Genetic Evidence for Causal Relationships Between Maternal Obesity-Related Traits and Birth Weight

Hannah Webb, Mercer University College of Pharmacy

It is stated that on average, neonates born to overweight or obese women are larger than those neonates born to normal-weight women. Maternal overweight and obesity are considered to be risk factors for gestational diabetes. It is known that even in the absence of diabetes and when following the same controlled diet, obese women have an average reading of 7.2 mg/dL higher glucose levels than normal-weight women. [1]

Title: Genetic Evidence for Causal Relationships Between Maternal Obesity-Related Traits and Birth Weight
Design Meta analysis of 18 community based studies; N= 30,487
Objective To test for genetic evidence of casual association of maternal body mass index (BMI) and related traits with birth weight
Study Groups N/A
Methods Single-nucleotide polymorphism (SNP) genotype data were used from 30,487 women participating in 18 population or community-based studies
Duration N/A
Primary Outcome Measure Offspring birth weight from 18 studies
Baseline Characteristics Babies were born from the United Kingdom, Germany, the United States, Denmark, Canada, the Netherlands, Australia, Norway, and Finland.
Results Study Source Offspring birth weight (grams)
Fraser et al, 2013 3,481
Schlemm et al, 2010 3,472
Power and Elliott, 2006 3,325
Power and Elliott, 2006 3,379
Zhao H et al, 2009 3,440
Bisgaard, 2004 3,560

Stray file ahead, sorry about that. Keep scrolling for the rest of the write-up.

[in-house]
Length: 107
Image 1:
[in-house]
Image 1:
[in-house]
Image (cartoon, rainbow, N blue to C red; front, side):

Nohr et al, 2009 3,643
Olsen et al, 2001 3,595
Knight et al 3,512
Lacroix et al, 2013 3,448
Jaddoe et al, 2012 3,528
Metzger et al, 2008 3,557
Mangus et al, 2006 3,526
Rantakallio, 1969 3.525
Boomsma et al, 2006 3,469
Medland et al, 2009 3,344
Nalatteru et al, 2013 3,365
Moayyeri et al, 2013 3,365
Adverse Events Common Adverse Events: N/A
Serious Adverse Events: N/A
Percentage that Discontinued due to Adverse Events: N/A
Study Author Conclusions Genetically elevated maternal BMI and blood glucose levels were potentially causally associated with higher offspring birth weight, whereas genetically elevated maternal SBP was potentially causally related to lower birth weight. If replicated, these findings may have implications for counseling and managing pregnancies to avoid adverse weight-related birth outcomes.

The causal relationship between birth weight and maternal obesity-related obesity remains uncertain. This meta-analysis was able to determine that genetically elevated maternal BMI and blood glucose levels were potentially causally associated with higher offspring birth weight. This leads to an increase in the risk of birth complications and opens the door to have implications for counseling and managing pregnancies to avoid adverse weight-related birth outcomes.

References

Tyrrell, Jessica, Rebecca Richmond, Tom Palmer, Bjarke Feenstra, Janani Rangarajan, Sarah Metrustry. Genetic Evidence for Causal Relationships Between Maternal Obesity Reltaed Traits and Birth Weight. The Journal of the American Medical Association. 2016; 315: 1129-1140.

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